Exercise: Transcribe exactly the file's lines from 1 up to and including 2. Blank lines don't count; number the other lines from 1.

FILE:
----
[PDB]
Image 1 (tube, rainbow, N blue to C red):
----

[PDB]
Image 1 (tube, rainbow, N blue to C red):